Helping the State visualize what’s at stake as oceans acidify

NOW AVAILABLE!

Infographic: Impacts of OA on California’s Living Marine Resources

January 2019

A summary of the latest research on ocean acidification (OA) impacts to important species and ecosystems in California, from crab to squid, rockfish to urchins. This tool provides a tangible illustration of our current knowledge to support decision-makers in prioritizing efforts and resources to address OA impacts.

Ocean Science Trust, working closely with scientists at UC Davis Bodega Marine Lab, the Ocean Protection Council (OPC) and other partners, undertook this synthesis to help identify data gaps and prioritize where to allocate resources to further increase understanding of OA impacts to California fishery resources.

This work was inspired by a similar effort by the Alaska Ocean Acidification Network. This new California infographic is another step in illuminating potential impacts along the entire West coast.

OVERVIEW: UNDERSTANDING OA RISKS TO CALIFORNIA’S LIVING MARINE RESOURCES

Ocean acidification is a complex issue that has the potential to alter marine food webs and ecosystems in California, with direct and indirect impacts to valuable marine fisheries and the aquaculture industry. Currently, state agencies working to understand the risks OA poses to coastal species, ecosystems, and human communities – an essential step to helping those at risk prepare for what’s at stake as coastal oceans continue to acidify.

VISUALIZING IMPACTS OF OA TO LIVING MARINE RESOURCES IN CALIFORNIA

As a first step towards illuminating potential natural resource management solutions, Ocean Science Trust worked closely with scientists at UC Davis Bodega Marine Lab, the Ocean Protection Council and other partners to demonstrate the potential impacts of OA on important species and ecosystems in California. Taking inspiration from similar efforts in Alaska, we undertook a synthesis of current scientific understanding and developed communications material for use by resources managers. The species included in the synthesis represent a diverse subset of species considered as ocean climate indicators, commercially, recreationally, and/or ecologically important. This list was selected by the project team and vetted and augmented by OPC, CDFW, and aquaculture representatives.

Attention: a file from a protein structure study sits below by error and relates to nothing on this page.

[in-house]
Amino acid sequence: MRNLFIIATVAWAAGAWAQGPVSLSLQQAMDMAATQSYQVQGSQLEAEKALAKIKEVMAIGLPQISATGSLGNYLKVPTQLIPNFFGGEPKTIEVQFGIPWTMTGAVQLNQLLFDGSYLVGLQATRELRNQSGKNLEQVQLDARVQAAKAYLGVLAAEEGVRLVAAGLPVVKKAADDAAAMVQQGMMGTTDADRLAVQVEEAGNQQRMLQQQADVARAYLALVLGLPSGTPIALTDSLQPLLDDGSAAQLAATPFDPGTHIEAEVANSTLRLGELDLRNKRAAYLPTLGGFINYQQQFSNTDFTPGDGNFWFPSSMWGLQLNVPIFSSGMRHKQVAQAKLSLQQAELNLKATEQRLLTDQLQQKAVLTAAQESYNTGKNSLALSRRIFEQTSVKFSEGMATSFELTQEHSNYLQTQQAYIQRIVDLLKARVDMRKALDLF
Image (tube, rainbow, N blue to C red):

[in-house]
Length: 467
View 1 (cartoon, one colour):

WORKSHOP: DEFINING OCEAN ACIDIFICATION HOTSPOTS IN CALIFORNIA

Building on this assessment, Ocean Science Trust hosted a workshop in November 2018, to help managers and decision-makers incorporate OA impacts information into relevant management decisions, prioritize efforts to address these impacts, and determine where to allocate resources to further increase understanding. This workshop brought together managers, policy makers, and scientists to better understand the concept of OA hotspots, ensure it is usable by state decision-makers, and identify key gaps in data and information that inhibit action.

 

Findings from this work may also:

  • Help identify research and data gaps to understanding OA impacts to California’s fishery resources
  • Inform species selection for a modeling exercise to identify species vulnerability thresholds
  • Provide the groundwork for a quantitative OA or climate vulnerability assessment for California or the West Coast
< Back